2 Assuming a green tip date of Saturday, April 15th. Please use this as a guide because microclimates will cause conditions to vary on individual farms.
Note: The environmental conditions for an infection are listed in the Modified Mills Table.

Wetting also occurred on May 8 at 4:30 PM for an estimated 17 hours of wetness at 4.9°C. It was not sufficient to cause infection (minimum 26 hours of leaf wetness required).


  • According to the forecast, ascospores are expected to mature rapidly at a rate of 3-7% per day and within the next five days about 47% of total seasonal ascospores are expected to be mature.
  • The next apple scab infection will have a significant spore load available. 
  • Apply a protectant fungicide to green tissue prior to an infection event on a 7-day interval, with a shorter interval after wet weather (cumulative 1-2” rain) or rapid tissue growth. Otherwise, waiting for rain is a gamble with the hopes that protection is applied in time (and the possibility of relying on post-infection treatment).
  • Folpan/Follow should NOT be applied between tight cluster and 30 days after petal fall to avoid fruit russeting.
  • Remember that there is a new label for Manzate (mancozeb). The product may be applied 4 times/ha/year, the re-treatment interval is 7 days, the REI for hand thinning is 35 days (12 hrs for all other activities), and the PHI is now 77 days.
  • Alternatives to Manzate for resistance management? Captan may be applied if it is not 7-14 days within an oil. Allegro may be applied 1 day after an oil.
  • If you plan to use oil for European Red Mite control, Captan and Folpan/Follow should be avoided within 7-14 days of an oil application.

Apple – Powdery Mildew

Typically, conidia are released around the tight cluster stage. Powdery mildew infections can be expected when conditions are warm (10-25°C), humid and dry.


  • Powdery mildew protection should be applied prior to a period of warm and dry weather when infections are expected. Ideal conditions for infection are expected this week.
  • When using Nova, the water soluble packaging should not be mixed with oil or boron.  
  • Apply two sprays targeting powdery mildew prior to bloom on the re-application schedule noted on the product being used (usually 7-14 days). Coverage during the pink to bloom stage prevents fruit infection.
  • Remember to treat young plantings because severe infections can reduce shoot growth, which is most concerning for young, non-bearing orchards.
  • Pay particular attention to susceptible and high-value varieties such as Honeycrisp and Gala.
  • Practice resistance management:
    • Powdery mildew: Group Ms do not have activity on powdery mildew so they will not help prevent powdery mildew resistance development. Products in the groups 3, 7 and 11 are registered for control of PM. Resistance to group 11 products was reported in a survey in 2013. Therefore, whenever the remaining groups 3 & 7 are used, careful consideration must be given to rotating the groups to slow resistance development. Avoid more than two consecutive applications of a single group.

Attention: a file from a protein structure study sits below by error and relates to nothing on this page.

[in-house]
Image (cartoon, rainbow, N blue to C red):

• Scab: Although Group 3 fungicides Nova and Fullback are also labeled for apple scab, they are not expected to provide control because of resistance in the local scab population. Another product is required for scab protection.

Apple – Fire Blight Prevention

Typically the ooze begins to appear between tight cluster and early pink. Initially the ooze is a watery light tan that darkens to amber. When the canker blight bacteria are active, water sprout shoots close to cankers will wilt. 


  • Isolated hail was reported on May 8 near the north mountain around Grafton and Lakeville. A fire blight trauma alert was sent by email to subscribers. If hail created wounds then trees are at risk of trauma infection by bacteria from overwintering cankers. Warm temperatures are not a requirement for trauma blight.
  • Pruning practices should be done on dry and sunny days, especially in high risk blocks. Wounds can take about 2 days to heal. Do not work in trees when they are wet from dew.
  • Be cautious when applying post-emergent herbicides to prevent injury to young trees. 
  • Apogee/Kudos (prohexadione calcium) supress shoot blight. The timing of the first application at 2.5-7.5 cm of new shoot growth is critical to success.
  • If interested in pinching buds on young trees the practice can begin around the bud separation stage when it's possible to avoid removing the terminal shoot. Pinching buds becomes risky as bloom begins because fire blight bacteria grow on the flower stigma and are expected to be present in high numbers in warm weather. Do not pinch flowers when tissues are wet. This practice is time-consuming.

Apple  Calyx/Blossom End Rot (Advance Notice)

The disease is caused by the organism Sclerotinia sclerotiorum. Infections develop when conditions are warm (15 to 25°C) and moist during and shortly after bloom. The infection originates on sepals or dying petals and spreads to the calyx end of the fruit. The disease is most common on Paulared, Delicious, Cortland, Honeycrisp and McIntosh.

Symptoms appear about one month after petal fall on the calyx end of the fruit as a brown/grey discolouration that later develops a red border. The lesion is usually sunken and a corky dry rot develops in the flesh. When in storage, calyx end rot can lead to moldy core.